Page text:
by Peter Galli on June 11, 2010 08:45am

My former colleague Ryan Naraine over at ZDNet wrote a blog last week about Microsoft's Anti-Cross Site Scripting Library v3.1, an open source Web Protection Library consisting of a set of .NET assemblies designed to help developers protect web sites from cross-site scripting attacks.

The RTM version of the Anti-Cross Site Scripting Library v3.1 was released last year under the Open Source Microsoft Public License, and contains a number of new features.

In its overview of the Anti-Cross Site Scripting Library V3.1, Microsoft says it is an encoding library designed to help developers protect their ASP.NET web-based applications from XSS attacks. It differs from most encoding libraries in that it uses the white-listing technique - sometimes referred to as the principle of inclusions - to provide protection against XSS attacks.

"This approach works by first defining a valid or allowable set of characters, and encodes anything outside this set (invalid characters or potential attacks). The white-listing approach provides several advantages over other encoding schemes.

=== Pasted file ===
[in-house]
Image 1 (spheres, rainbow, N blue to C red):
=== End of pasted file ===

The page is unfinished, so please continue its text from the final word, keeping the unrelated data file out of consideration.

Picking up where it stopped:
"New features in this version of the Microsoft Anti-Cross Site Scripting Library include an expanded white list that supports more languages, performance improvements, performance data sheets (in the online help), support for Shift_JIS encoding for mobile browsers, a sample application, a Security Runtime Engine (SRE) HTTP module, and HTML Sanitization methods to strip dangerous HTML scripts," it says.

The binary can be downloaded here, and more information can be found on the project's CodePlex site.